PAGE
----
WE in Fáilte Inishowen and Inishowen Together awoke yesterday to dark, alarming news of the arson attack on the Caiseal Mara hotel in Moville.
A family were in there, in their beds – perhaps whoever sent fire through the windows did not think of that.
Whatever it was that the perpetrator or perpetrators thought they were achieving, they have failed. A hateful and cowardly act, done alone in the dark, was resoundingly answered in much brighter hours that followed in Moville, by the hundreds of people who gathered at our community meeting to affirm our support, solidarity and welcome for the asylum seekers who will be arriving in the town in the coming weeks.
The meeting, which packed out the Methodist Hall, sought to illuminate the realities of the Direct Provision system and to offer ideas and advice on how the community can prepare in order to do our best by the new Moville residents. Its key speakers – who very kindly travelled from Dublin to be with us – were activist Lucky Khambule of the Movement of Asylum Seekers in Ireland, and artist and researcher Vukasin Nedeljkovic of Asylum Archive. Both Lucky and Vukasin have experienced what it is to have “your life placed on hold” as an asylum seeker in Direct Provision in Ireland. Having heard their insights into the dismal system by which our State fails to offer a genuine welcome or real home to people escaping dire circumstances, we can see that having open hearts is not enough. We will also need watchful eyes to hold the Government to account. We need to ensure the best provision, while appealing for an end to Direct Provision and the introduction of an immediate right to work without restriction.
Lucky and Vukasin also gave great examples of the effectiveness of simple kindness that they have encountered.
Contributions also came from local clergy – Methodist reverend Alison Gallagher and Catholic priest Fr Pat O’Hagan PP – who presented a united stand of the town’s religious communities in solidarity with the refugees, and pledged their time, space and help.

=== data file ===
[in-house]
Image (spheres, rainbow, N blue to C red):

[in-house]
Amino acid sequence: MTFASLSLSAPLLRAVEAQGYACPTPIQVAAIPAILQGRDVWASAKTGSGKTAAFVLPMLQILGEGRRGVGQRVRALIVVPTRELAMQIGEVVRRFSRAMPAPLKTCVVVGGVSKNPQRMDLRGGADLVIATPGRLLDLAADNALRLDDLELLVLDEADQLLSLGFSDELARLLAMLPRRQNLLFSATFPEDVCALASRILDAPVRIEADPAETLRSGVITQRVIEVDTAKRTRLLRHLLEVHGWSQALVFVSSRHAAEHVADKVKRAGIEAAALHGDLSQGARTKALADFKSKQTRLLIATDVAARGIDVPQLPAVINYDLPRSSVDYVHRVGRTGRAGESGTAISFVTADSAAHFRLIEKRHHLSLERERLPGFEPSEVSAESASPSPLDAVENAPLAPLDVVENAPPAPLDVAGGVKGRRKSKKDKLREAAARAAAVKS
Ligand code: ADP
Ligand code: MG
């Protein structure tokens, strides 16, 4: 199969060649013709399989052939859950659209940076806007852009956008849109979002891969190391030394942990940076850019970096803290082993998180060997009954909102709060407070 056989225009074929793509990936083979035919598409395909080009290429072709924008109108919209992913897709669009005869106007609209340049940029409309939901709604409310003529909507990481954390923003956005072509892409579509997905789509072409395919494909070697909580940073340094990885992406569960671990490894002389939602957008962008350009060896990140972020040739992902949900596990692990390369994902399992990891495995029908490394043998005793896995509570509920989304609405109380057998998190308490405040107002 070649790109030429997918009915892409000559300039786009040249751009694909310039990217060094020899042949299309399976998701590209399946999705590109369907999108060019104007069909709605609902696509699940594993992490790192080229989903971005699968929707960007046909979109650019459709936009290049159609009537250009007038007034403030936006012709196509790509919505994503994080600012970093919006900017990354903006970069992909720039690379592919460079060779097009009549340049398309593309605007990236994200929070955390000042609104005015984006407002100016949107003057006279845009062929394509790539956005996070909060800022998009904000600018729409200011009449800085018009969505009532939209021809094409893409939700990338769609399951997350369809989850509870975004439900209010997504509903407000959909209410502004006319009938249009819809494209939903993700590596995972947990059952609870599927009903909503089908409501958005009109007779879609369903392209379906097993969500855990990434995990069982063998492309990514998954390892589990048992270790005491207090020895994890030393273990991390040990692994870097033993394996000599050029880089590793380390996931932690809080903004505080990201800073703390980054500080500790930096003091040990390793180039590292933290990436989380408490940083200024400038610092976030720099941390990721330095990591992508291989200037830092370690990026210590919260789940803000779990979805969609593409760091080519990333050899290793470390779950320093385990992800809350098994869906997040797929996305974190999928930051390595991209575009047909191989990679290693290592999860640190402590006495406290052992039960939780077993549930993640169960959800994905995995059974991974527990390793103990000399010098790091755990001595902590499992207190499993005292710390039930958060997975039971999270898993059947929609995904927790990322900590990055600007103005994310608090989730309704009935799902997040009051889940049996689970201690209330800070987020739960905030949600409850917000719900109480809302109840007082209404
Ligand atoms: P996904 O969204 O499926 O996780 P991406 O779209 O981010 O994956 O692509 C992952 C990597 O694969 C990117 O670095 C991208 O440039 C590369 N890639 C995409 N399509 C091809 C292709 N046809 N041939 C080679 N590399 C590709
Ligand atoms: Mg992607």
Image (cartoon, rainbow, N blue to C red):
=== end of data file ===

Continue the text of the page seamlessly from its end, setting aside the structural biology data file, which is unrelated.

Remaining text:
Several gardai attended, and Sergeant Goretti Sheridan spoke at the outset to assure the people of Moville that the force was doing its level best to get to the bottom of the incident of arson that had taken place in the early hours.
Speakers from Fáilte Inishowen and Inishowen Together included Tracy Cullen-Sheehan, Caroline Maguire; Siobhán Shiels and Therese McKenna.
Many people throughout the room stood to speak about how they would like their organisations to contribute to welcoming the asylum seekers to Moville.
These included the local librarian, the town’s educators from pre-school to secondary level, the Inishowen Development Partnership, the Moville and District Family Resource Centre, Moville Men’s Shed, mental health advocates, among many others.
Politicians and activists in attendance who vouched their warm support included Thomas Pringle TD; civil rights campaigners Eamon McCann and Goretti Horgan; and local councillor Martin Farren.
A significant number of supporters had travelled from Derry – with organisations such as Derry Well Woman committing their input and expertise; and Eamon McCann noting, amid Brexit talks, the sad fact that there is already a hard border for refugees in Ireland and that those arriving in Moville may not visit or even travel through the North.
At the end of the meeting, more than 50 people queued to give their contact details and volunteer their time and individual talents to help in welcoming the new residents to Moville.
The strength of feeling and warmth in the room was incredible. The atmosphere was respectful and hopeful.
The dark and alarming act that happened hours before has galvanised the community of Moville to show what we are really made of; that this is a beautiful town of compassion and openness.
To get involved, contact firstname.lastname@example.org